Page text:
As we near the climax of yet another federal, state and local election campaign, we are bombarded again by the pundits, columnists, editors, bloggers and various organizations and citizens criticizing the dirty politics of mudslinging and attack ads. As echoed every two years since the 1790s, this election is described the dirtiest, sleaziest and most uncivil, by far, in history.
While obviously, my personal experience does not predate the 20th century (my earliest memory of election was President Roosevelt v. New York's Gov. Thomas E. Dewey in 1944), in all honesty, I have noted little difference in personal attack ads in more than 60 years. I suppose the allegations of increased odious behavior are based primarily on either media stoked controversy or whose ox is being gored; nevertheless, the conduct of political elections is all too predictable.
This is hardly an endorsement of unprofessional and offensive campaign tactics. I agree with much of my Missourian colleague, David Rosman's "Political attack ads are worthless in making smart decisions" and I applaud Missouri House District hopeful Kelly Schultz's efforts to run a civil, issue-oriented campaign. The "has done his/her homework" informed voter is neither swayed nor impressed by purely political or personal attacks.
Nevertheless, advantages do accrue from attack ads and other obnoxious skullduggery. If these tactics were not in some way beneficial, they would have long since fallen to disuse. Face it, political advertising is not cheap — only effective methods survive.
There is of course an entertainment factor in mudslinging. Imagine a candidate for office standing before you with the following: "My worthy opponent is upright, honest, caring, intelligent and filled with integrity — clearly dedicated to motherhood, apple pie and the flag and unalterably opposed to sin in any form. However, I implore you to vote for me instead because I am more upright, honest, caring, integrity sated, ad infinitum." Can anyone imagine a more humdrum, boring process?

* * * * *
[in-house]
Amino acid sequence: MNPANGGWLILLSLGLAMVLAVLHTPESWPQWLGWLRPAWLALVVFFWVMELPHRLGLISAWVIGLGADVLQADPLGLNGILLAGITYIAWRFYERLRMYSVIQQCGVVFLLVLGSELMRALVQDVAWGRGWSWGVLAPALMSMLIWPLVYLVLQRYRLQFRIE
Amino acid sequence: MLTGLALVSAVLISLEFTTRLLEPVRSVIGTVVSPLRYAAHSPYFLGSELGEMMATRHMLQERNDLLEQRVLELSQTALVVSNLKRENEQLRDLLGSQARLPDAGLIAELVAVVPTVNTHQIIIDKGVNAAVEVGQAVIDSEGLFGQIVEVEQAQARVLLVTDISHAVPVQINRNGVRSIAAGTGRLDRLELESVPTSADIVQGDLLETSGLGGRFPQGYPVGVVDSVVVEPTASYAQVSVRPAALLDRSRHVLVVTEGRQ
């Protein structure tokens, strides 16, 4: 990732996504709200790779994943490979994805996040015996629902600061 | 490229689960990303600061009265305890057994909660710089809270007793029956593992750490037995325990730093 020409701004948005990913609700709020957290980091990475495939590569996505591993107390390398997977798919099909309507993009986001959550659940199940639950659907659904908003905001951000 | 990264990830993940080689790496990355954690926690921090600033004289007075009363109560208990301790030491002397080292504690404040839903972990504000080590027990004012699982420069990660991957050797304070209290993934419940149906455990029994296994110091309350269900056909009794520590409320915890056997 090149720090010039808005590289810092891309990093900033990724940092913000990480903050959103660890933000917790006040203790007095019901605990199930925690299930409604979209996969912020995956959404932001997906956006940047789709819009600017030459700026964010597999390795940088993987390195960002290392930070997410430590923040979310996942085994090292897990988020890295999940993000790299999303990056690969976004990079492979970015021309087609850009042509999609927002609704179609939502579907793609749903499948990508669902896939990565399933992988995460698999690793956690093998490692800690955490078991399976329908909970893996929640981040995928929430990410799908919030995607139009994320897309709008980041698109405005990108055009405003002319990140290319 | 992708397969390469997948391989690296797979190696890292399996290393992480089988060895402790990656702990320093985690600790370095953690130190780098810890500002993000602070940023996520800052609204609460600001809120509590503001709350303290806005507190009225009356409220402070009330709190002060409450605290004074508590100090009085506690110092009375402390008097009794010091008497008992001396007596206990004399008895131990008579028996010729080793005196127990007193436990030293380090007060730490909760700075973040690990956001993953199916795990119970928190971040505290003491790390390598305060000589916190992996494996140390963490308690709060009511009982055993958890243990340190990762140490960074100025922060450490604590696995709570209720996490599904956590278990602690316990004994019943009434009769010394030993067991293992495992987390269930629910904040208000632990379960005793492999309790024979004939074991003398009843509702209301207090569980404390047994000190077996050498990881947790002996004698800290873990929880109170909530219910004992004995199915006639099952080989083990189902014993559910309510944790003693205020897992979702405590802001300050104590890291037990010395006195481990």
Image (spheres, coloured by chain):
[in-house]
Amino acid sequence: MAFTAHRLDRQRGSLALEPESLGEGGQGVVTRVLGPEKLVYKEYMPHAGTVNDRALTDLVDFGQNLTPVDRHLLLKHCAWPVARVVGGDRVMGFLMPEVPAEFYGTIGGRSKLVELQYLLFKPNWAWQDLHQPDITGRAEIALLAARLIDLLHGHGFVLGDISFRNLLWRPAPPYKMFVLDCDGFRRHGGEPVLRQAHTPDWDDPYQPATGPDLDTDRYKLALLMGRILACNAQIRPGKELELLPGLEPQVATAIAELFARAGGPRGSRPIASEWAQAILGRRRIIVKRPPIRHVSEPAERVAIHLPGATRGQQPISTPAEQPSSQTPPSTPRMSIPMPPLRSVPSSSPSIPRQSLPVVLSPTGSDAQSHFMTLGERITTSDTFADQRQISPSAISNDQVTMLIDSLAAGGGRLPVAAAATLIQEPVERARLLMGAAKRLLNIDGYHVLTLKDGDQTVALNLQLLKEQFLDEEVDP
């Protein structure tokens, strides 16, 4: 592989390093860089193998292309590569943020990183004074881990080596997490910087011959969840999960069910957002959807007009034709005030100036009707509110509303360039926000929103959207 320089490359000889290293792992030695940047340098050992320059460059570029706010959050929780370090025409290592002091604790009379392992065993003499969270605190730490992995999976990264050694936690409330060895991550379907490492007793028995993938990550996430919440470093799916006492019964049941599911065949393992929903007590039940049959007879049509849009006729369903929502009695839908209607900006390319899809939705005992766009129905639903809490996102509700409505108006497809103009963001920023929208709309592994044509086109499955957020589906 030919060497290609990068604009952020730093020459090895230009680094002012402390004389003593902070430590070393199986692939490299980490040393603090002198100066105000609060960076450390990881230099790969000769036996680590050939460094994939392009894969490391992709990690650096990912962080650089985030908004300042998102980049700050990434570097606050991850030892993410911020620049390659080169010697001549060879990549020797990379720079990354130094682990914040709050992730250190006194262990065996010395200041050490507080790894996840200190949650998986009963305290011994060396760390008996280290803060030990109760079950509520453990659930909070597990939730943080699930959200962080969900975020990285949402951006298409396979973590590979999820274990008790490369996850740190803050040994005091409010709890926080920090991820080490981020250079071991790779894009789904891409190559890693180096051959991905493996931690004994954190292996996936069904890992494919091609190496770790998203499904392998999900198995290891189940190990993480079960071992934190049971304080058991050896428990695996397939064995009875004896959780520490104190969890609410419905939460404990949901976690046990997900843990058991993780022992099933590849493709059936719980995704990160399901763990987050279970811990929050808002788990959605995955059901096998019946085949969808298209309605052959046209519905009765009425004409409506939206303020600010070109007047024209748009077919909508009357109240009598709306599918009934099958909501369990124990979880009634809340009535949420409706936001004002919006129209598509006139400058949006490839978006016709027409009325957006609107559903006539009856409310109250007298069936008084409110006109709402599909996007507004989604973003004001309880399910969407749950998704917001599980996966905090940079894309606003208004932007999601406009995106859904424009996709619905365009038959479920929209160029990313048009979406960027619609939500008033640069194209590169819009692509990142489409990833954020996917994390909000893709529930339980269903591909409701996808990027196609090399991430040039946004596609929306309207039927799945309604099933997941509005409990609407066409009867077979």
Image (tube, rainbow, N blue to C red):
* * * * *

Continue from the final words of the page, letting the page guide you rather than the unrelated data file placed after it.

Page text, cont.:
Also, since politics is a contact sport, political campaigning is not unlike training or driving mules — first the candidate must obtain and hold the constituency's undivided attention. I won't attempt to describe the art of gaining a mule's attention as I am certain there are a few who understand, but keeping voters motivated requires a continuing supply of read meat in the form of strong and persistent rhetoric.
Finally, albeit unfortunately, the use of hateful, ad hominem and demeaning attack ads actually works. The lazy, uninformed, usually apathetic or purely emotion driven voter will buy into the rumor, innuendo, lies and damn lies of unprincipled candidates or political organizations. Enough of the electorate is either sufficiently gullible or lacking in political acumen to carry an election or a proposition down the wrong path, regardless of party affiliation.
Consequently, the informed voter will take with a grain of salt these hoary fairy tales: "Democrats are European wannabe socialists," "Republicans want to take away your Social Security," "Democrats are soft on crime and anti-defense," "Republicans are racist warmongers," "Democrats are the party of the working man/woman" and "Republicans are the party of the rich." One who subscribes to one or more of these myths and votes accordingly is due a reality check.
We are subjected to barrage after barrage of this propaganda drivel — the educated among us know that any scintilla of belief in these charges exists solely on the lunatic fringe of either party. Nevertheless, those outre' types are out there along with the uninformed and emotional bleeding hearts — they can turn an election or an amendment/proposition.
Missourians have not been immune to approving such wrong-headed issues — term limits come to mind. We have a rather full and lengthy ballot in Boone County — a slate of federal, state and local candidates, along with three Constitutional amendments, two statewide propositions and City of Columbia Propositions 1 and 2.
If you intend to exercise your right/privilege to vote, please do so responsibly — know the candidate and understand the issues — recovery from an unwise decision is a lengthy and painful process.
J. Karl Miller retired as a colonel in the Marine Corps. He is a Columbia resident and can be reached via e-mail at JKarlUSMC@aol.com.